Comment


        • #5
          The death penalty (all death in all circumstances and in all places) is in the hands of The Eternal Son. He holds the keys to death and Hades.
          I know Him, correctly, as Messiah whom you call Christ. Yah Shua whom you call Jesus. Messianists who you call Christians.

          "Touch not mine anointed, and do my prophets no harm".

          I refuse, point blank, to speak peace to the unregenerate, hypocrites, religious dogma lovers and those that oppose the following statement:
          A regenerate man trusts in the evangelism of salvation conditioned on the atoning blood and imputed justness of Messiah alone.
          If you are fully persuaded, by experience, of this delightful, beautiful and life giving doctrine then I love you as a brother.

          Anyone who thinks that salvation is conditioned on anything a man thinks, does or says is atheist. I cannot and will not speak peace to him or her.

          I don't make statements online that I wouldn't repeat in front of my Maker, my grandmother or a judge.

          Comment


          • #6
            Originally posted by Jacob View Post
            I meant a legal case or ethic. In other words, if the situation is a certain way in what is being evaluated, one might say that the death penalty is not justified in that specific case.
            Do you mean by this, wrt the severity of the crime in question? Meaning, that if the crime is not severe, that the death penalty in such a case is not justified?

            Perhaps I should elaborate on what I mean by "the defense of innocent people," I do not mean the defense of innocent people against having less severe crimes committed against them, such as petty theft of change off their dresser, I mean 'life and limb' kind of danger---it is always justified to employ lethal force to defend innocent people against the real threat of loss of life and /or limb. Not necessarily loss of money.
            Originally posted by Jacob View Post
            Your answer sounds like a combination of the death penalty and not the death penalty in that you are thinking situational and bypassing the courts. Is there precedent in a court for cases like this or might you be found guilty of murder?
            Do you mean if an innocent person kills a murderer /rapist /etc. in defense of either themselves or of other innocent people? There are laws that defend such an innocent person from prosecution and from civil suit in some states.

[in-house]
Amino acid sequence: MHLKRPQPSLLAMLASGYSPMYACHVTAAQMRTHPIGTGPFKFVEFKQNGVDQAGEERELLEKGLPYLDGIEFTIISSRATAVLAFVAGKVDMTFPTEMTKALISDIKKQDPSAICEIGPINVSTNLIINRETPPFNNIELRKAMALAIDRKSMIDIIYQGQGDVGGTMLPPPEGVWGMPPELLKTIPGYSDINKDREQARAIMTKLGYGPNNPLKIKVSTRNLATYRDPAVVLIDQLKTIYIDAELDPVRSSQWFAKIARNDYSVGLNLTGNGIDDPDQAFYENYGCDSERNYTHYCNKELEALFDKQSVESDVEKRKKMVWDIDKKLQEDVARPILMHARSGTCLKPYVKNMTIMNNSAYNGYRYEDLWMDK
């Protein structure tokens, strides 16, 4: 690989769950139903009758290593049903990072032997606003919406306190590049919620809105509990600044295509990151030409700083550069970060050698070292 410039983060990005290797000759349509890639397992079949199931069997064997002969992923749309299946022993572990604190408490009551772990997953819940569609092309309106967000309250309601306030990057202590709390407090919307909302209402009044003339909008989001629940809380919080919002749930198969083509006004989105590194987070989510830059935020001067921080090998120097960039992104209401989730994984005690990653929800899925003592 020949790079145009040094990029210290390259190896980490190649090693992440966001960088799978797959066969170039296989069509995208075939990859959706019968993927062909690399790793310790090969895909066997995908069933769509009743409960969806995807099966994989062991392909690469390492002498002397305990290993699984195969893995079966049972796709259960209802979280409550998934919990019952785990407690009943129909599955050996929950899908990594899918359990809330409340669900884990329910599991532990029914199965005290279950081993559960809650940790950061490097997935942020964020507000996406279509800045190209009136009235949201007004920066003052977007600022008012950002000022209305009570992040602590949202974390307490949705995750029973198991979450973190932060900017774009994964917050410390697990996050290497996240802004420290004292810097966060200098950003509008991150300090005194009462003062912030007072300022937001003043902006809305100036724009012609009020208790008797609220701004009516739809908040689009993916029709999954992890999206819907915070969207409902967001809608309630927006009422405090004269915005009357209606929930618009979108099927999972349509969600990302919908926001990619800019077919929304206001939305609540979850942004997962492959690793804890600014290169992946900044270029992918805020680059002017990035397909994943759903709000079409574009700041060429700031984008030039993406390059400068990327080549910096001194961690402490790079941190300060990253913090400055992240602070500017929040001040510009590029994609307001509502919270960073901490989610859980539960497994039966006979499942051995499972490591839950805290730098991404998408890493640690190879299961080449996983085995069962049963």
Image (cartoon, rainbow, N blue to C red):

Ideally perhaps, in only one sense (and not in all others), it would be nice if there were police literally everywhere, and nobody needed to worry about bearing arms in their own, or in their neighbors' and families' defense against murderers and rapists and wild animals and people 'off their meds.' But that is not what we have, nor is it what we want, I don't think.

            If police were everywhere, and when police had to use lethal force against someone in defense of either themselves or of innocent people, then the matter would be handled by the police, and no civilian would ever have to concern themselves with legal consequences for protecting others or themselves with lethal force.

            If innocent people can be protected through the incarceration of murderers, rapists, etc., then I can support forbidding the death penalty, but through criminal networking, it is possible for an incarcerated felon to remain a real threat to life and limb of innocent people outside of prison, so for that case, I support retaining the death penalty as a last resort. And this is the same justification for civilians to kill in defense of innocent people, right in the moment of the crime committed, and not weeks, months, and years later.
            Originally posted by Jacob View Post
            It seems that we should protect the innocent. I am not sure how to do this.
            I am. In all cases where innocent people are murdered, raped, etc., they would have been better served if they were armed with 'standard issue' military weaponry. In most cases they wouldn't even had been a target in the first place, and in other cases they at least would have had a 'puncher's chance' against their enemy. But most victims of murder and rape are unarmed. And when there are other innocent people around who can or could help, they too are usually unarmed. It's fundamentally unjust to deny a victim of a murderer /rapist /etc. the ability to carry 'standard issue' military weaponry. And we don't know who will become such a victim, but we do know one thing about them already; they are all innocent, and they all possess the inalienable right to not be murdered, and to not be raped; and so they also possess the inalienable right to bear arms.
            Originally posted by Jacob View Post